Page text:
First and foremost, clear out your bathroom of all loofahs, brushes, carpets and rugs before you apply the bleach to your bathtub as it is quite toxic. Now, add about 118 milliliters of bleach to about a gallon of water. Wear protective gloves, eyewear and a face mask, then dip a sponge and begin scrubbing. Also, you want to be in a well ventilated area and please do not mix bleach with any other household cleaners.
You are going to repeat this method for your showerhead as well, scrubbing it clean with the same sponge that you used to clean your bathtub. Afterwards, drain your bathtub and wash every surface off with warm water. To clean your drain, simply pour roughly the same amount, about one fourth of a cup in your drain. Though, keep in mind, repeating use of bleach on your drain will lead to long term damages over time.

Facts about cleaning with bleach

  1. Cleans much quicker and more efficiently than both baking soda and vinegar combined.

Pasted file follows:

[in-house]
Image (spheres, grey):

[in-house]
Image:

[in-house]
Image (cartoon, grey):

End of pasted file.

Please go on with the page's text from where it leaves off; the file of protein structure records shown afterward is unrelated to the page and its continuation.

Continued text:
2. All stains will come off with little to no effort physically.
  3. Strong disinfectant
  4. Removes strong odors
  5. Is highly effective at cleaning and whitening any bathtub it is compatible with
  6. Highly toxic, and if not handled properly, you may hospitalize yourself and those around you. The gas it emits can damage your eyes, lungs and stomach lining if exposed in an area without proper ventilation or protection. Also, if mixed with other cleaning products such as ammonia, it will create a toxic gas.
  7. Invariably, there are some materials that bleach can easily damage-if your bathtub has any traces of iron in it, stay away from bleach as it will create red streaks all along the surface of your bathtub that will be difficult to remove. Also, if your bathtub has an acrylic or enamel coating, it is highly recommended you stay away from bleach as well, as it will invariably lead to further corrosive damage down the road.


Bleach and Common Bathtub Materials:

Fiberglass: Bleach friendly
Porcelain: Bleach friendly, white porcelain only! Any other porcelain will discolor.
Acrylic: No bleach, will damage the coating
Ceramic: Bleach friendly
Stone Resin: Bleach friendly